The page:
Harmony Ink Presents… A Guest Post by Hayden Scott

March 22, 2016

Is there anything more annoying than a rule follower? Someone who always does what the instructions say, even if the shortcuts are obvious? Someone who doesn’t think too hard about why they’re doing something, because the process was created by people who know better?

I was that guy. I still am to an extent, but I really, really was in high school, even up through undergrad. I think it’s an easy trap to fall into. We spend a decade and a half training kids to trust authority and trust the system, and then we wonder why they resist change and don’t think outside the box. It’s also a great explanation for: 1.) why we as a society don’t fix broken systems, and 2.) the gnawing terror inside each of us that we are a fraud and everyone else has their life figured out.

One of my favorite things about turning thirty is the absolute certainty that nobody around me has any idea what they’re doing.

It was a gradual process to get here. I didn’t believe it at first. It had to be proven to me over and over that there really are very few “experts” in the world. Entering the corporate workforce helped a lot with that.

The quote that “decisions are made by those who show up” is equally inspiring and terrifying, because it’s true. Most organizations will make do with what they have, and that leads to people with generalized skill sets making decisions about very specific problems which they may or may not have any actual experience with. As far as I can tell, every major system and process in our society was created by a bunch of under-qualified people making educated guesses based on limited information.

Unsurprisingly, we screw up—a lot.

I think acceptance of that fact a right of passage. To me, the most important aspect of the coming of age tale is discovering that no one has the answers, especially not the adults you put your faith in. I’d say that’s more significant than finding your own self-confidence. Maybe one inevitably leads to the other.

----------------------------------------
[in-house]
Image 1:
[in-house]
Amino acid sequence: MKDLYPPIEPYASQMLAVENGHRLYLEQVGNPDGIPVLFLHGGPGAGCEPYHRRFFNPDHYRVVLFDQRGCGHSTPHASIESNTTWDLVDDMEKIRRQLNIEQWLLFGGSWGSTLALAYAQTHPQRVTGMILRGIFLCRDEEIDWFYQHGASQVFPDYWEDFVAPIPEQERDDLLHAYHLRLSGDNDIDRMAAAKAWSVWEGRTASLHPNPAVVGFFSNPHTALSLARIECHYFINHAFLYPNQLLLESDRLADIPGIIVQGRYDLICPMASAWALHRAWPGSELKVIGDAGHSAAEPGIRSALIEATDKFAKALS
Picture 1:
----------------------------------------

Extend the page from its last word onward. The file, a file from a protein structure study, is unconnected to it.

In “Refraction,” Crush Goodman may be the love interest, but it’s his coming of age tale—Max just has to drag him to it, kicking and screaming. It’s hard to find out you’re not as heroic as you thought you were.

Crush’s mistake is that he assumes he’s the hero of the story because that’s what it says on his résumé. The city (or, the people in charge of running it) branded him a superhero, because it walked like a duck and talked like a duck. And Crush definitely fits the part—he believes in heroism down to his core. He just doesn’t realize that when he puts away bad guys, he’s also cleaning up messes for the corrupt city mayor and associated businessmen. It’s the perfect cover, and Crush is too virtuous to see a double-cross under his nose.

Which leads to another question—is heroism in the intention or the act?

Max and Crush figure it out together in “Refraction,” available for sale March 24th.


Check out Refraction!


Max Jackson is your typical teenage boy, concentrating on his classes at school and being accepted into a good university after graduation. There’s just the small matter of the bomb in his basement, one Max and his fellow members of the “Injustice League” plan to use to level their city’s unethical government. Too bad superhero Crush Goodman puts a stop to their plans. Max understands why Crush would steal the League’s doomsday device, but why is Crush following him around and acting like they’re friends? When the reprehensible Doctor Decay butts his head into Max’s business, Max has to figure out how to save the city he’s always worked to destroy—with or without Crush’s help.


Leave a Reply